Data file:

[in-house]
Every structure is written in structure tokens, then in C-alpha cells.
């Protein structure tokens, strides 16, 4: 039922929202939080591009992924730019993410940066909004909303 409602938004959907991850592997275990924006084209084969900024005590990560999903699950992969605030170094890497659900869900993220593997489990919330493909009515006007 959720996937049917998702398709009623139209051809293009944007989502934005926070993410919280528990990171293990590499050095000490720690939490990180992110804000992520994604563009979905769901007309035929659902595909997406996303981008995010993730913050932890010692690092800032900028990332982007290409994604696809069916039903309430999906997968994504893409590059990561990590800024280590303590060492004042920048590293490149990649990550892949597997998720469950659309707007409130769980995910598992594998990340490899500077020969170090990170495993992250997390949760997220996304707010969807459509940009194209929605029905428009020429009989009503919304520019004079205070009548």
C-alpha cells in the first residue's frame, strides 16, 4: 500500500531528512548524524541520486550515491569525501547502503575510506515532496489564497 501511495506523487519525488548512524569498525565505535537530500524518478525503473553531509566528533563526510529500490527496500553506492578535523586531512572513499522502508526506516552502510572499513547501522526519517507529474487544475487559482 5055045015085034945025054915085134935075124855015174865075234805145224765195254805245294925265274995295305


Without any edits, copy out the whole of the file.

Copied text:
[in-house]
Every structure is written in structure tokens, then in C-alpha cells.
């Protein structure tokens, strides 16, 4: 039922929202939080591009992924730019993410940066909004909303 409602938004959907991850592997275990924006084209084969900024005590990560999903699950992969605030170094890497659900869900993220593997489990919330493909009515006007 959720996937049917998702398709009623139209051809293009944007989502934005926070993410919280528990990171293990590499050095000490720690939490990180992110804000992520994604563009979905769901007309035929659902595909997406996303981008995010993730913050932890010692690092800032900028990332982007290409994604696809069916039903309430999906997968994504893409590059990561990590800024280590303590060492004042920048590293490149990649990550892949597997998720469950659309707007409130769980995910598992594998990340490899500077020969170090990170495993992250997390949760997220996304707010969807459509940009194209929605029905428009020429009989009503919304520019004079205070009548």
C-alpha cells in the first residue's frame, strides 16, 4: 500500500531528512548524524541520486550515491569525501547502503575510506515532496489564497 501511495506523487519525488548512524569498525565505535537530500524518478525503473553531509566528533563526510529500490527496500553506492578535523586531512572513499522502508526506516552502510572499513547501522526519517507529474487544475487559482 5055045015085034945025054915085134935075124855015174865075234805145224765195254805245294925265274995295305